Friday 31st March 1967 The Glasgow Herald reports that Radio Scotland went back on the air last night at 11:15 after being off since March 13th. It mentions that Bob Spencer was heard. This must have been a short-lived return as the station then had to take up shelter in Loch Ewe because of the gales.
Monday 3rd April 1967 The Evening Times reports that the Comet, which has been sheltering in Loch Ewe, is heading for the Mull of Kintyre today. It also states that Steel & Bennie have received no notification from Tommy Shields as to where to take the ship. It mentions that one possibility is that the Comet will be towed back down the west coast to a new position off Ireland. It states: “Later this afternoon the tug Cruiser, with the Comet in tow, passed Tobermorey still without any definite instructions about their destination.” It states that the Comet is still a good day's sailing from any moorings in the Clyde or off Ireland, so the directors of Radio Scotland have 24 hours in which to decide where the Comet will be moored.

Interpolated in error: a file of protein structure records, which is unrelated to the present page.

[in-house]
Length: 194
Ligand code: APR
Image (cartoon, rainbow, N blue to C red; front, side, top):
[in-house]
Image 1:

Saturday 8th April 1967 The Comet drops anchor at the new position off Ballywalter, County Down. Programming resumes at 12:30 with Mel Howard welcoming listeners to ‘Radio Scotland and Ireland’. Later programmes are hosted by Ben Healy.
Saturday 29th April 1967 Following difficulties in getting a marketable signal into Scotland's Central Belt, the Comet begins her journey back to the east coast. John Kerr remembers: “So again it was decided to try again for the tow and volunteer DJs were asked for in an endeavour to broadcast as much as possible during what was supposed to be a 3 day tow. Canadian Mel Howard and Australians Bryan Vaughan and myself stayed aboard with 4 crew members and away we sailed.”.